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A test server that I am working on has had two accounts deleted. It won't be malicious - another department has probably deleted them thinking they are not needed. If I can find out who, we can ensure they don't delete them again :-)

I can't find anything in /var/messages & have had a quick search using google which only pointed me towards /etc/security (which does not contain any logs).

Any idea where I can look or are no details keep of account deletions?

TIA

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migrated from stackoverflow.com Dec 10 '09 at 15:35

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6 Answers

See if you have /var/log/auth.log (and its rotations). There may be entries in there for deluser. Unfortunately, you didn't say what distribution you're running.

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+1, you said the same thing but beat me to it, plus you used command ticks... I like the old default sort order better than the random one :-/ –  Kyle Brandt Dec 10 '09 at 16:10
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Default Linux has no accounting of this. You might try to find out who logged in as root, for instance run last and check the output. Alternatively you might look through all users' .bash_history (assuming bash is the default shell of all users) to find traces.

Oh, and this sounds more like a Q for serverfault.

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There is no standard log file for this. Depending on your distribution/configuration, all commands run as a sudo might be logged, so you might be able to find a userdel command in something like auth.log if you are using Ubuntu.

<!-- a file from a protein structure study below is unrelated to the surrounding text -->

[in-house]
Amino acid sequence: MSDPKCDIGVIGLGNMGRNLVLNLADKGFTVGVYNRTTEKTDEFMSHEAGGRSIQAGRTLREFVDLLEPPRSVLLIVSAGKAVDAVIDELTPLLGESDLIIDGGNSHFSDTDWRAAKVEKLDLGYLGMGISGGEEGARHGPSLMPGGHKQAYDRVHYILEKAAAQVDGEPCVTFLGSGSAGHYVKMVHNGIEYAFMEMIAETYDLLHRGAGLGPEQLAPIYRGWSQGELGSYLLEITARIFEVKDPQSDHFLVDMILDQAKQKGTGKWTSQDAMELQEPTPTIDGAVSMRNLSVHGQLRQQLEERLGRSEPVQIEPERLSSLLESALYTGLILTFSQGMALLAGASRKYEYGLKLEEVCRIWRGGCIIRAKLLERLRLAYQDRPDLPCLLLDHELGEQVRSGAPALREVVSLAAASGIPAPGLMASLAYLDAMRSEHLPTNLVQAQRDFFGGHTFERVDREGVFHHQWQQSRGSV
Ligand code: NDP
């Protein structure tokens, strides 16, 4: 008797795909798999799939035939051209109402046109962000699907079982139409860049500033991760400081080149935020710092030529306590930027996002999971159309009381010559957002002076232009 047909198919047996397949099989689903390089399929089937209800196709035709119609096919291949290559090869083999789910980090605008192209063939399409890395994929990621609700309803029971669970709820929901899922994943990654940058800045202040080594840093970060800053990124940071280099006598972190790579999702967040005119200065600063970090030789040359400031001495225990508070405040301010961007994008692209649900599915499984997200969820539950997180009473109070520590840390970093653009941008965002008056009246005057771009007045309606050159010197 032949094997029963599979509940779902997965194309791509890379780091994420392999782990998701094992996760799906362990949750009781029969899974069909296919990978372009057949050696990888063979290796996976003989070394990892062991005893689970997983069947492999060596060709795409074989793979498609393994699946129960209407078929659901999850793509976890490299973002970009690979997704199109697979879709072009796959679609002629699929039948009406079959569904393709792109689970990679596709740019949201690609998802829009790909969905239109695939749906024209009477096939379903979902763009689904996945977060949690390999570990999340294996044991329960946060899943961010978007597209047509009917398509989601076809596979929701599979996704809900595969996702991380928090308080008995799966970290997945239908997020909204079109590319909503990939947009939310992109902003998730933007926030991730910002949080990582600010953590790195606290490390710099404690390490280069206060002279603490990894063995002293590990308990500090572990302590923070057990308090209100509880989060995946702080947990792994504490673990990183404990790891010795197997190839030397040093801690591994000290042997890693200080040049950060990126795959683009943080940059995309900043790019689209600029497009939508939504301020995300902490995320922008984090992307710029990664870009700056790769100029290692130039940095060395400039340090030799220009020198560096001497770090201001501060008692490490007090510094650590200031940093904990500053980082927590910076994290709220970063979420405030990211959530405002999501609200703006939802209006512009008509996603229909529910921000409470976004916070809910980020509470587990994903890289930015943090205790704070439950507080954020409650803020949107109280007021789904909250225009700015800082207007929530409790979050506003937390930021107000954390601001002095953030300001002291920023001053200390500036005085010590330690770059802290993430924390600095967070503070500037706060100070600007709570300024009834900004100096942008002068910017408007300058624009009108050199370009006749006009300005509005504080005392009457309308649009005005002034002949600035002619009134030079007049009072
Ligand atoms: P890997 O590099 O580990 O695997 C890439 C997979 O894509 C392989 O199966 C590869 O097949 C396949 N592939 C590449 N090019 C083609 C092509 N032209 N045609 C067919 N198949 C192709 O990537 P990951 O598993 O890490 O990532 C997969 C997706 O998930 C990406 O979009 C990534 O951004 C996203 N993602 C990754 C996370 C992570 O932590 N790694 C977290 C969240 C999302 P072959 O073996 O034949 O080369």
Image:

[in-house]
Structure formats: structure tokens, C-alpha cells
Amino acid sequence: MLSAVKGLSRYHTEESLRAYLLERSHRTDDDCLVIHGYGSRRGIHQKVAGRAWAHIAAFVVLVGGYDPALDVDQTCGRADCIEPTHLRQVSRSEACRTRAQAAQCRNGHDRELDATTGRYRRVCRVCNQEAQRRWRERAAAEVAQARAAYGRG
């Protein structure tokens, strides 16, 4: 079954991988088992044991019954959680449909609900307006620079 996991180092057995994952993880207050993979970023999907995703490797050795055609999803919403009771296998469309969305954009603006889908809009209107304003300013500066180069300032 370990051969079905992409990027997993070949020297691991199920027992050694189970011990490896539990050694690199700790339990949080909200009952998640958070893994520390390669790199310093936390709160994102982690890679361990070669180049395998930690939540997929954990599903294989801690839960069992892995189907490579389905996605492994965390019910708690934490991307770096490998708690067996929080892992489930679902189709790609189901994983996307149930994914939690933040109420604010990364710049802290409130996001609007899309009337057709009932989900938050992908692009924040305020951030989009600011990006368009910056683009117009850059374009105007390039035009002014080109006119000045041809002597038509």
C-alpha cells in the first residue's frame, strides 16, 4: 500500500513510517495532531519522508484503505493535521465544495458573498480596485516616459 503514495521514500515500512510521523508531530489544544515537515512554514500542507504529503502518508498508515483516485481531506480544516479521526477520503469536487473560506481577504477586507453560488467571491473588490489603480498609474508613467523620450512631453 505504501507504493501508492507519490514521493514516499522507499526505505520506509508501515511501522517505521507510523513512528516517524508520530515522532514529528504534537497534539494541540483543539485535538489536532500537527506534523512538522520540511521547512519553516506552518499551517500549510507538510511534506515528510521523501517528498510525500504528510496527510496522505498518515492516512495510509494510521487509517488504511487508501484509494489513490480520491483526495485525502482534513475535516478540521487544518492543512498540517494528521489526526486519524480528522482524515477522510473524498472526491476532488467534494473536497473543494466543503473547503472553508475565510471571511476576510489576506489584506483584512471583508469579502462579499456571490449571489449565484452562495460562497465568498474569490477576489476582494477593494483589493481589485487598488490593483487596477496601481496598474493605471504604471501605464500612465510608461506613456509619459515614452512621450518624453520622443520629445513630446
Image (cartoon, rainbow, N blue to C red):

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Check the shell history of root or any other user that has root access.

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Have you tried sending out an email to all the users that have permission to do this on this server? Sometimes a little social engineering goes further than a technical solution.

Now having said that this is a good reason not to use a shared root account but to use sudo to allow users to do administrative tasks using their account. As all sudo actions are logged to /var/log/auth.log and would make tracking this down fairly easy if they made the changes on the command line. If a gui app was used to make these changes all you would see in the log files would be the app being run with elevated privileges...but any operation done with that app would not have any visibility.

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Try /var/log/secure* - You should have a few weeks worth of logging there.

grep -i userdel /var/log/secure*
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